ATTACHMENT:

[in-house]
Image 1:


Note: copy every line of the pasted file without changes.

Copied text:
[in-house]
Image 1: